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Building an Emergency Fund – Lexington Law



The information provided on this website does not, and is not intended to, act as legal, financial or credit advice. See Lexington Law’s editorial disclosure for more information.

Most everyone experiences financial difficulties in their lives, and that’s precisely why financial advisors and financial planning experts recommend individuals build an emergency fund. An emergency fund is a personal savings reserve set aside in the event of future unexpected expenses or mishaps.

Emergency funds should always be available as liquid assets so that you can access them at a moment’s notice.

Why Do I Need an Emergency Fund?

While no one wants it to happen, unfortunately, financial hardships or enormous unexpected costs sometimes occur. For example, people are suddenly let go from their jobs due to recessions, or their cars break down or they incur significant medical debts after an accident or diagnosis.

Whatever the reason, the one consistent factor is that these are always a surprise.

According to the 2017 Report on the Economic Well-Being of U.S. Households, approximately 40% of Americans couldn’t cover a $400 emergency. And one in three Americans has zero budget for car repairs. Considering how likely it is that a $400 emergency or car repair will occur at some point within your average year, this is highly concerning.

Without an emergency fund in place, you might turn to dire solutions. For example, you might go to a payday lender, who would have very high interest rates. Or you might not be able to pay rent and be evicted.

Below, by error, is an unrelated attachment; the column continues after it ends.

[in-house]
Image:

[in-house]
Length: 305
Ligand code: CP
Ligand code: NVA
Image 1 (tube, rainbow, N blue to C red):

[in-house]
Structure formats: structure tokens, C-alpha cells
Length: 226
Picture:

Whatever the case, even a small setback, like an unexpected bill, can often send someone spiraling into debt. An emergency fund is like a shock absorber for setbacks in life.

How Much Money Should Be in My Emergency Fund?

There is some debate about exactly how much should be in your emergency fund. Ultimately, it’s an entirely personal decision. For example, someone who is in contract work or works for themselves may want to build an emergency fund that’s larger because their income stream is less reliable than that of a traditional job.

Ideally, you want to have around six months’ worth of living expenses saved up. If you lose your job, it can take you several weeks or months to find a new position. You want to have enough money saved up that you can comfortably handle losing your job or large expenses being thrown your way.

Where Should I Keep My Emergency Fund?

Ideally, you want to keep your emergency fund in a savings account. You don’t want the money locked up in investments. It should be accessible immediately to you, without penalty. You can also make your emergency fund work for you. Put it in a high-interest savings account (HISA) rather than a regular savings account so it earns interest as it sits there.

Another tip to remember is that you should keep your emergency fund in a separate bank or account from your regular accounts. If you see your emergency fund every day, you may be tempted to dip into it for nonemergency situations.

How to Start Building an Emergency Fund

It may feel overwhelming when you think about how to build an emergency fund. However, if you tackle it step by step, the process becomes a lot more manageable.

Set a Reasonable Goal

First, it’s important to set an end goal. When you know what you’re working toward, it’s much easier to track your progress.

Decide how many months of living expenses you want to save up for. Consider factors like your job stability, the amount of your previous unexpected expenses and your risk tolerance. Other variables should be considered too.

If this has been an incredibly expensive year for you, you could choose first to build up three months’ worth and then work your way up after that.